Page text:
Translation of pre-spliced RNAs in the nuclear compartment generates peptides for the MHC class I pathway

Proceedings of the National Academy of Sciences of the United States of America
Sébastien ApcherRobin Fåhraeus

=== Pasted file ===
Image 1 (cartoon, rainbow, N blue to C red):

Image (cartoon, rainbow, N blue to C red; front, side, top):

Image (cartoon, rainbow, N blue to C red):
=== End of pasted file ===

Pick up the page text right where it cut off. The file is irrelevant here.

The scanning of maturing mRNAs by ribosomes plays a key role in the mRNA quality control process. When ribosomes first engage with the newly synthesized mRNA, and if peptides are produced, is unclear, however. Here we show that ribosomal scanning of prespliced mRNAs occurs in the nuclear compartment, and that this event produces peptide substrates for the MHC class I pathway. Inserting antigenic peptide sequences in introns that are spliced out before the mRNAs exit the nuclear compartment results in an equal amount of antigenic peptide products as when the peptides are encoded from the main open reading frame (ORF). Taken together with the detection of intron-encoded nascent peptides and RPS6/RPL7-carrying complexes in the perinucleolar compartment, these results show that peptides are produced by a translation event occurring before mRNA splicing. This suggests that ribosomes occupy and scan mRNAs early in the mRNA maturation process, and suggests a physiological role for nuclear mRNA translation, and also helps explain how the immune system tolerates peptides derived from tissue-specific mRNA splice variants.


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